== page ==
40th anniversary of first US manned craft re-use.

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Snidely

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Nov 17, 2021, 8:58:57 PM11/17/21
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Well, 5 days ago. STS-2. NasaSpaceFlight.com has a retrospective:

<URL:https://www.nasaspaceflight.com/2021/11/sts-2-40th-anniversary/>

Turn-around was about 5 months, it seems, but another month was added
for tile repairs after RCS hypergolics were spilled. An abort spoiled
the Nov 4 date, and the Nov 12 date was also in issue due to mux/demux
failure.

Launch was 7 months after the STS-1 launch. The flight lasted 2 days
instead of the planned 5, due to a fuel cell failure. This was also
the first flight where SRB joint o-ring erosion was found.


(For JFM, there's a picture of /Columbia/ descending to Edwards. The
angle is chosen to give the most appropriate airspeed; I'm not sure
what the sink rate for level flight would be if you started trying it
at the speed and elevation pictured.)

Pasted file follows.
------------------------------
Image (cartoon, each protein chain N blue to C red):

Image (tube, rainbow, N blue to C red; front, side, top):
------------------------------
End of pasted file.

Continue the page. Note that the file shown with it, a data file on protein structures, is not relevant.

/dps

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JF Mezei

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Nov 17, 2021, 11:25:45 PM11/17/21
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On 2021-11-17 20:58, Snidely wrote:

> (For JFM, there's a picture of /Columbia/ descending to Edwards. The
> angle is chosen to give the most appropriate airspeed;


Would it be fair to state that the descent rate wouldn't be that
different, but by gaining speed, shen they do the final flare up, the
wings get the descent rate top drop to near 0 for a smooth landing ?

With low airspeed, they wouldn't be able to droop the descent rate by
much when they flare up, right ?

Snidely

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Nov 22, 2021, 6:29:33 PM11/22/21
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JF Mezei is guilty of <bBklJ.68377$Wkjc....@fx35.iad> as of
11/17/2021 8:25:43 PM
I'm only an armchair pilot. I would be willing to guess that the CDRs
and PLTs have tried this in the simulator, just because, and the crews
on the later flights had very much improved simulators.

I am willing to guess that trying for level flight is not useful in a
Shuttle.

/dps

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